However, my research shows that the most important determinant of Christian vitality is the extent to which governments give official support to Christianity through their laws and policies.3 As governmental support for Christianity increases, the number of Christians declines significantly. This relationship holds even when accounting for other factors that might be driving rates of Christian growth and decline, such as overall demographic trends. Conversely, Christianity experiences the greatest growth in countries in which it has to compete with other faith traditions on a level playing field. Contexts of pluralism require Christians to have a deep knowledge of their beliefs and to defend them in the marketplace of ideas, keeping Christianity sharp and robust.

Tainted Faith

For much of its history, a context of religious pluralism, made possible by the official dis­establishment of religion, helped keep religion vibrant in the United States, in contrast to the countries of Europe, where hundreds of years of church-state integration resulted in the continent’s secularization. Writing of the United States a little less than 200 years ago, French diplomat Alexis de Tocqueville noted that religion in America was comparatively vivacious and powerful because it did not have an official or political role.4 

Today, however, as Christianity has become increasingly fused with partisan politics,5 the United States has been undergoing a simultaneous decades-long decline in religiosity—a trend that has been confirmed in a number of scholarly studies.6 During the past 30 years the U.S. has witnessed a sharp increase in the number of religiously unaffiliated Americans, from 6 percent in 1991 to 23 percent today, even though the American population as a whole has experienced significant growth during this time.7 By 2021 church membership in the U.S. had fallen below 50 percent for the first time in nearly a century.8 If these trends continue, we can expect to see conservative churches, which at one point helped invigorate American religion by focusing on spiritual nourishment and the salvation of souls, following the path of their liberal predecessors into inconsequentiality, owing, in large part, to their quest for political power.

One important reason the quest for political empowerment harms the church is that when Christians uncritically equate certain political parties, ideologies, or nations with God’s plans, Christianity itself necessarily becomes implicated in the evils of the state. Returning to the case of Zambia, Chiluba’s time in office vividly highlighted the corrupting influence of power. In 1996 Chiluba amended the constitution to prevent former president Kenneth Kaunda from running against him in the presidential election, and the following year, Chiluba imprisoned Kaunda on unsubstantiated charges of insurrection. After attempting to strip Kaunda of his citizenship, Chiluba again attempted to amend the constitution so that he could serve a third term and had scores of opposition figures arrested. As explained by a former member of Chiluba’s cabinet: “He is proclaiming universal Christian love, but persecuting [his enemies] with personal hatred and vicious vengeance.”9 Many Zambian church leaders had supported Chiluba in his bid for the presidency and remained supportive even as his presidency took an authoritarian turn.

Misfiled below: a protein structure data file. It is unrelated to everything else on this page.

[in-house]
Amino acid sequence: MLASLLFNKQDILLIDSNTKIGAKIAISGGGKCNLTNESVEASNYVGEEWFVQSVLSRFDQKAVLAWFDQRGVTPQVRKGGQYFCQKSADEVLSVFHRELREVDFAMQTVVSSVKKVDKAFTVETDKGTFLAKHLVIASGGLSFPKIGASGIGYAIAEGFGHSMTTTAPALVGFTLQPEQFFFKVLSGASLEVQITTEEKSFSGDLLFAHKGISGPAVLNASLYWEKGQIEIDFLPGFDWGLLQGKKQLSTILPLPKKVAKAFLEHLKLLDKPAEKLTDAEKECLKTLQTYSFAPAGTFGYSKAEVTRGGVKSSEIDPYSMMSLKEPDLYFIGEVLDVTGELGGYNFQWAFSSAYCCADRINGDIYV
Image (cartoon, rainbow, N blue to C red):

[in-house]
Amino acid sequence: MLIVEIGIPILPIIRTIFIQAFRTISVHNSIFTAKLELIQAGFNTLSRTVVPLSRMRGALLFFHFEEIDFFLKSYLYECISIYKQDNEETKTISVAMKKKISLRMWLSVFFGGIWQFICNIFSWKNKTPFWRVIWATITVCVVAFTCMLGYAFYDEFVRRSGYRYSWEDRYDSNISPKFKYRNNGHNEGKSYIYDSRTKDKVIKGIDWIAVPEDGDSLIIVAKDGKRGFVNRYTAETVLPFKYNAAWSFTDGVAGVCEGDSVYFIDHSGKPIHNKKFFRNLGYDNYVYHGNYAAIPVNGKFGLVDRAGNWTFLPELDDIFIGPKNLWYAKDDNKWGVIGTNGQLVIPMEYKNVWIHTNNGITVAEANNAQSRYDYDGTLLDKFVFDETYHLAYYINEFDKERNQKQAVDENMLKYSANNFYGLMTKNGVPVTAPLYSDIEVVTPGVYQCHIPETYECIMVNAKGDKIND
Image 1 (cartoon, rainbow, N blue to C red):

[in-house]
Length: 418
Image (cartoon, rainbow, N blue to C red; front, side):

Chiluba may well have assumed office with noble intentions of bringing the light of Christianity into the realm of politics, but in the end Christian principles were subsumed to the quest for power, and Christianity itself became implicated in Chiluba’s actions.

Reclaiming a Prophetic Voice 

What can concerned Christians do to combat the dominant narrative that political privilege is necessary to further the work of God in the world? The most promising approach just might be to show how the quest for political influence and power utterly belies the teachings of Jesus, who rejected political power as a temptation of Satan. Jesus lived in politically contentious times during which people constantly attempted to get Him to weigh in on the political issues of the day. But He taught instead that true transformation comes not from political empowerment but through acts of suffering service. The problem with privilege is that it requires compromise of this fundamental Christian conviction. In offering spiritual support for political parties or leaders, Christians distort their faith, profane the teachings of Christ, exacerbate divisions in the church, and make it harder to share the gospel.